Right now I am away from Maine; I’m in my hometown babysitting 3 of my grandchildren (ages 4, 8, and 11) while my son and daughter-in-law are away for a week – – the first time they’ve ever left their kids behind on a trip in 15 years of marriage.
This morning, since it was Shabbat, there was not the usual pressure of getting the kids up early, getting dressed for school, eating breakfast; ensuring lunches made and packed the night before were not forgotten; homework signed; and that carpool pickup was on time. Instead, we four lazed around in pj’s and robes reading, talking, and playing with plenty of time to spare until prayers started at the local shul (synagogue).
Then I heard a polite knocking at the door. The woman standing there introduced herself as the neighbor across the street.
“I heard you were in town,” she said. “I came by because I read your article (in a local magazine) about Maine and, well, I just wanted to meet you,” she said.
I don’t know what/who she was expecting, but dressed in my robe and looking decidedly frumpy, I was not it! The disappointment and clash of how she’d imagined my Pioneer Woman persona from the magazine article with the woman standing in front of her registered broadly on her face. So much for my 15 minutes of fame.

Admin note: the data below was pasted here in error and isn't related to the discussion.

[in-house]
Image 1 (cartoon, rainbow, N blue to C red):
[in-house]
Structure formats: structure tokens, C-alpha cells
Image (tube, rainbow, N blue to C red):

I ushered her in and she told me how much she had often fantasized about living such a life as the one I live in Maine (despite until recently being from Brooklyn, and enjoying the outdoors as long as it was only from a picture book), and asked me what was my favorite thing about living there.
I thought about this. There was so much I could say, but in that impatient way of New Yorkers, she only wanted to know about my number-one-top-favorite thing. This reminded me of the famous story of a gentile who, during Talmudic times, approached the two leading sages of the generation, Rabbi Shammai and Rabbi Hillel.
To Shammai he said he wished to convert, but only if the Rabbi could teach him the Torah while he, the potential convert, stood on one foot. Shammai, who found the request to teach the Cliff Notes version of Judaism an insult, rejected his request in no uncertain terms. So the man approached Rabbi Hillel.
“Rabbi, teach me the Torah while I stand on one foot!” he demanded. But instead of throwing him out, Hillel said, “”What is hateful to you, do not do to your neighbor. That is the whole Torah; the rest is the explanation of this–go and study it!”
What, l’havdil, could I say I liked best about Maine, while the inquisitive neighbor “stood on one foot?”
Alas, I am neither Shammai nor Hillel. While there are so many things I love, I couldn’t pick just one. These three came most strongly to my mind:
- Feeling safe.
- The purity of the air and water.
- The slower pace of life.
Let me elaborate.
Feeling safe: There is something profound about feeling safe. It promotes a sense of penetrating calm to one’s soul. It’s wonderful to not worry about locking one’s car, windows, and doors. It’s great to walk around and not worry about getting mugged or feeling vulnerable to harrassment. I never look over my shoulder. When I see or interact with a person unknown to me, my guard is not raised, nor am I wary nor do I feel distrust. The streets do not become unsafe after dark (because there are no streets! ha ha). I can walk anywhere, anytime.